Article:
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Many boiler problems and repairs are a task for the professionals. However, getting your boiler back to working glory can be a hit on your pocket, and some issues can be solved without the need for expensive call out fees. We’ve outlined five common boiler problems and feasible methods you can try yourself to safely bring your boiler back to life, with advice on when it’s essential to ring the experts.


Boiler pressure too high or low

Typically, on the front of your boiler, you’ll find a water pressure gauge which monitors the balance of water and air within your boiler system.

Simply put, if the pressure on your boiler goes too high or low, it’ll stop working.

The most common cause of high pressure is too much water in the system. You’ll be able to spot this because the needle reading the water pressure gauge will be in the red zone on the dial, the digital boiler reading will be higher than 2.5, or an icon will be flashing.


If the boiler is not already off, switch it off. Check that the pressure valves, usually found underneath your boiler, are closed tightly. They could have come loose or accidentally knocked. If this doesn’t work, drain some water from the system which can be done by ‘bleeding’ your radiators. Attach the key to the square groove in the centre of the valve and turn it slowly anticlockwise. When you a hear a hissing sound, this is trapped air escaping. Use a cloth to catch any water that comes out as it will be hot and then finally tighten the valve back up with the key.

If the pressure is too low, it needs topping up. Turn off the boiler, find the external boiler lever or tap on your boiler known as the filling loop. Only turn the external filling loop until the pressure reaches 1-2 bar on the gauge. If this doesn’t work, do not attempt the internal filling loop; keep the boiler switched off and contact the experts.


The pilot light has gone out

If you can’t see the pilot light on your boiler, or the boiler won’t fire up, try to reignite it by following the instructions on your boiler. If you have no physical boiler instructions to hand, most models have instructions available on the internet.

If you smell gas or notice any other signs, such as a change in flame colour or black soot marks on the ceiling or walls around the boiler, don’t try to reignite it. Switch the boiler off and call a professional.


Boiler locks out

A boiler lockout is a shut-down procedure initiated by your boiler when it detects an issue with one of its components or alternatively with the entire system. Your boiler may not fire up, a lockout (red) light might come on or a fault code could display on its panel.

To solve this issue, you can try and simply reset the boiler by finding the reset button, or switch the boiler off and on at the mains.

Alternatively, if your boiler has a display panel, check out what the fault code is in your boiler manual and try its solution if it’s safe to do so. If you feel at all uncomfortable doing this, or if you think the solution needs expert help, call a heating engineer.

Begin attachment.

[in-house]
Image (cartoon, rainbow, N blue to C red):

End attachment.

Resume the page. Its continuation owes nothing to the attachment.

To save energy, turning down the temperature of your boiler is the obvious choice. But if yours is already low, reducing the flow rate of your boiler can save money, depending on the type of boiler you have, what you use


Frozen boiler condensate pipe

Since 2005, every single boiler in the UK needs to be a condensing boiler, regardless of whether it’s a combi, open vent or a sealed system boiler.

Condensing boilers run on gas or oil, and are designed to help improve energy efficiency. They require an additional pipe to be fitted – usually plastic – to carry wastewater away from the boiler to a household drainage system or soakaway outside. However, these pipes can become frozen or blocked with ice causing the boiler to shut down.

If part of your condensate pipework is outside and does freeze, you might hear a gurgling noise coming from the boiler and your boiler panel, if digital, may read an ‘EA’ error code.

To try and thaw the system, look for your outdoor pipe and if safe to do so, pour warm water – not boiling – along it, then reset your boiler once the pipe has defrosted.


Boiler leaks

If your boiler is leaking water, this is not a time to be trying any DIY methods. It could mean that the boiler needs an urgent repair by a qualified plumber.

Usually caused by broken parts or loose connections, a leaking boiler can lead to electrical malfunctions and costly repairs and replacements, if not sorted as soon as possible.

What you can do yourself if you spot a leak is turn off your water supply and heating, wipe off any water from the area and contact a professional.

All but the simplest boiler servicing jobs should be left to a qualified gas fitter who is on the CORGI (Council for Registered Gas Installers) register.

If any of the solutions above haven’t solved your boiler problem, at Metro Plumb, we’ve got a team of experts readily available to support all your needs 24/7/365.

We pride ourselves on our speedy service and you can click here to find your local plumber who will get your heating and hot water back up and running.

29th May 2024   |    Blogs How-to guides